Glapthorn’s Black Hairstreaks

Mention to anyone with a keen interest in UK butterflies the wonderful name Glapthorn Cow Pastures and one species springs to mind, the Black Hairstreak (Satyrium pruni).  Glapthorn, as the name suggests, used to be grazing land, now it is a wonderful woodland nature reserve.  It is located about 3 miles north of the historic town of Oundle in Northamptonshire, a drive of 2 1/2 hours from home.

Black Hairstreak on dewberry

The Black Hairstreak is a small and rare butterfly.  In the UK it can only be found in a narrow band of woodland stretching from Peterborough to Oxford, it also has one of the shortest flight periods, only 2 to 3 weeks in mid-June.  When I visited last year I struggled to see two in an afternoon, this year has been a record emergence and there was over twenty around their favourite dewberry bushes when the sun shone.  Unlike most butterflies the Hairstreaks are very approachable allowing for some great photo opportunities.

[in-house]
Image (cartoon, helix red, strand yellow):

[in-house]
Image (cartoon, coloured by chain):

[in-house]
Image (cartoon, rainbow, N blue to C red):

Hairstreak heaven

The Black Hairstreak spends most of the day in the tops of trees or scrub feeding on aphid honeydew.  They need banks of blackthorn in sunny spots to lay their eggs on, the egg overwinters and the caterpillar hatches in spring.  The adults have a wingspan of 35-40mm (about 1 1/2 inches).

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